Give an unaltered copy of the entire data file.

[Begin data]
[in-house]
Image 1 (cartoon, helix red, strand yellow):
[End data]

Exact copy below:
[in-house]
Image 1 (cartoon, helix red, strand yellow):